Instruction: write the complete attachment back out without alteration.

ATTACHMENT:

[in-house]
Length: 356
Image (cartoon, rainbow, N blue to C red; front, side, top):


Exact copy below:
[in-house]
Length: 356
Image (cartoon, rainbow, N blue to C red; front, side, top):